LONDON – All politicians have opponents, but Boris Johnson’s list is exceptional.
Amid a global pandemic, Britain’s prime minister is battling the European Union, a resurgent political opposition, angry English mayors and a beloved soccer star who wants to feed poor children. Even previously loyal lawmakers are growing restive.
Less than a year after winning a landslide election victory, Johnson is facing multiple crises with few political friends.
“The Johnson government, over the last 10 months, have been spectacular at managing to score own-goals and managing to pick fights with people that were really unnecessary,” said Victoria Honeyman, associate professor of British politics at the University of Leeds. “They don’t seem to be able to pick a winner in a one-horse race.”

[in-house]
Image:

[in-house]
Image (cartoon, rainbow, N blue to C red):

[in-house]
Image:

It’s a stark change from December 2019, when Johnson won a commanding House of Commons majority with bold, simple election promises. He would “get Brexit done” after years of uncertainty following the U.K.’s 2016 vote to leave the EU. And he would “level up” the country, redistributing wealth and opportunity to left-behind regions of northern England.
The coronavirus swept away those best-laid plans.
The U.K. has recorded more than 45,000 COVID-19 deaths, the highest toll in Europe. Johnson himself spent a week in hospital with the virus in April, some of it on oxygen in intensive care.
Critics say Johnson’s Conservative government was too slow to lock down the country, too quick to ease restrictions, unclear in its messaging and tardy in setting up a test-and-trace system to isolate infected individuals.